Ice cream should be one of the more popular foods for humans. It is soft, cold, and sweet. But does that make it a safe food for cats? Can cats eat ice cream?
Cats can eat ice cream, but…
Most veterinarians agree that cats should not be often fed with ice cream. It might be OK to intermittently give your cat ice cream, but it never should be a regular part of her diet.
This popular dessert, after all, contains milk. And most cats are lactose intolerant— meaning they cannot digest lactose due to the lack of lactase in their bodies. Lactase is the enzyme that breaks down lactose, the natural sugar found in milk, into individual sugar components.
When a cat drinks milk, or eats food that contains milk such as ice cream, the lactose is undigested. It then goes through the intestinal tract and draws water. Bacteria present in the colon could ferment the undigested sugar, creating fatty acids.
This, then, results to vomiting and an upset stomach. It can also lead to diarrhea, which usually happens 8 to 12 hours after the cat digested a dairy product.
Diarrhea in cats has the following symptoms:
- Loose, frequent stools
- Poor appetite
- Passage of blood in stool
There are some cats that can tolerate food that contains milk such as ice cream or cheese. But this doesn’t mean that you should still insist on giving your feline pal ice cream or any dairy product because she doesn’t really need it.
Cats don’t get any nutrients from eating eat ice cream, cheese and other foods that have milk as a main ingredient.
Ice cream can cause brain freeze in cats
Anyway, have you seen these viral video of a cat being fed with ice cream? This has gained more than 2 million views, and became viral sometime last year.
It showed a cat’s reaction to eating ice cream. The cat appeared stunned, apparently experiencing a brain freeze. We all know that as we experience it whenever we eat ice cream, drink Slurpee or consume similar cold drinks.
Most people who saw this found it funny and cute. But veterinarians like Dr. Zachary Glantz says there’s nothing to laugh at the video, especially since the cat could have experienced discomfort after eating the ice cream.
As reported by Pet MD, Glantz says that a cat experiencing brain freeze may be feeling some pain which isn’t something you would laugh at.
Glantz believes that sensitive nerve endings in the cat’s teeth caused by periodontal disease could explain why the feline looked stunned. Periodontal disease is very common in cats.
Another veterinarian, Dr. Christopher Gaylord, was quoted by Pet MD as saying that brain freeze is usually an unpleasant experience for cats. Unlike humans who can understand what causes a brain freeze, cats could be shocked that eating food could suddenly cause them pain.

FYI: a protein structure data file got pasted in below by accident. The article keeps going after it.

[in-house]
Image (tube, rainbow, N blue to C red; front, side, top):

Gaylord even goes to the extent of advising cat owners against giving ice cream to their pets. He says that ice cream is too fatty, and cats sensitive to fatty foods could suffer from pancreatitis.
Symptoms of pancreatitis include:
- Lack of appetite
- Weight loss
- Lack of energy
- Abdominal pain
- Increased heart rate
- Changes in breathing pattern
Ice cream as an occasional treat
There are some veterinarians, though, who say that ice cream may be given to cats but only as an occasional treat.
Veterinarian Sara Tamas of Nashville Cat Clinic was quoted as saying in a Washington Post report that she would usually allow her cat to eat ice cream. She insists that a few licks won’t hurt although she admits that it can add up to the cat’s calorie intake.
Another veterinarian, Dr. Eric Barchas, says he has never heard or seen a cat who got sick after being fed with small amounts of ice cream.
If you are to give ice cream as an occasional treat, keep in mind that it should not exceed 10% percent of your cat’s daily diet. This applies to treats of all types from tuna, cheese, meat, and other human foods.
Some human foods that are considered ‘safe’ for cat treats are:
- Whole grains
The rest of your cat’s diet, or 90%, should come from a nutritionally complete cat food.
We all love ice cream, but this doesn’t mean that we should be sharing this popular treat to our cats from time to time. If you feed your cat ice cream you’re not only increasing her calorie intake. You’re also increasing her risks of health problems.
Giving it as an occasional treat may be fine, but think about it—the risks of giving it far outweigh the benefits.
So would you give your cat ice cream the next time you eat one? I suggest